Learning from Digital Natives: Bridging Formal and Informal Learning. Final Report

Trinder, Kathryn; Guiller, Jane; Margaryan, Anoush; Littlejohn, Allison and Nicol, David (2008). Learning from Digital Natives: Bridging Formal and Informal Learning. Final Report. Higher Education Academy.

URL: http://www.heacademy.ac.uk/assets/York/documents/L...


This report suggests that students are increasingly making use of a variety of etools (such as mobile phones, email, MSN, digital cameras, games consoles and social networking sites) to support their informal learning within formalised educational settings, and that they use the tools that they have available if none are provided for them. Therefore, higher education institutions should encourage the use of these tools.

Aims and background
This study aimed to explore how e-tools (such as mobile phones, email, MSN, digital cameras, games consoles and social networking sites) and the processes that underpin their use can support learning within educational institutions and help improve the quality of students’ experiences of learning in higher education (pgs 9-11).

The study entailed: (i) desk research to identify related international research and practice and examples of integration of e-tools and learning processes in formal educational settings; (ii) a survey of 160 engineering and social work students across two contrasting Scottish universities (pre- and post-1992) – the University of Strathclyde and Glasgow Caledonian University – and follow-up interviews with eight students across the two subject areas to explore which technologies students were using for both learning and leisure activities within and outside the formal educational settings and how they would like to use such technologies to support their learning in both formal and informal settings; and (iii) interviews with eight members of staff from across the institutions and two subject areas to identify their perceptions of the educational value of the e-tools. (pgs 24-27).

Key findings
• Students reported making extensive use of a variety of both e-tools (such as mobile phones, email, MSN, digital cameras) and social networking tools (such as Bebo, MySpace, Wikipedia and YouTube) for informal socialisation, communication, information gathering, content creation and sharing, alongside using the institutionally provided technologies and learning environments.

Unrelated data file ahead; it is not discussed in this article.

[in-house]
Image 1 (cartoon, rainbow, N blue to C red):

• Most of the students owned their own computer or had access to a sibling or parent’s computer. Many students owned a laptop but preferred not to bring it onto campus due to security concerns and because they found it too heavy to carry about.
• Ownership of mobile phones was ubiquitous.
• Whilst the students’ information searching literacy seemed adequate, the ability of these students to harness the power of social networking tools and informal processes for their learning was low.
Staff reported using a few Web 2.0 and social software tools but they were generally less familiar with how these could be used to support learning and teaching. There were misconceptions surrounding the affordances of the tools and fears expressed about security and invasion of personal space. Considerations of the costs and the time it would take staff to develop their skills meant that there was a reluctance to take up new technologies at an institutional level.
• Subject differences emerged in both staff and student perceptions as to which type of tools they would find most useful. Attitudes to Web 2.0 tools were different. Engineers were concerned with reliability, using institutional systems and inter-operability. Social workers were more flexible because they were focused on communication and professional needs.
• The study concluded that digital tools, personal devices, social networking software and many of the other tools explored all have a large educational potential to support learning processing and teaching practices. Therefore, use of these tools and processes within institutions, amongst staff and students should be encouraged.
• The report goes on to suggest ways in which the use of such technologies can help strengthen the links between informal and formal learning in higher education. The recommendations are grouped under four areas – pedagogical, socio-cultural, organisational and technological.

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